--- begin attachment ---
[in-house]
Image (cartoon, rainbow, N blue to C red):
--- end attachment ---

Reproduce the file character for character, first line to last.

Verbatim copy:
[in-house]
Image (cartoon, rainbow, N blue to C red):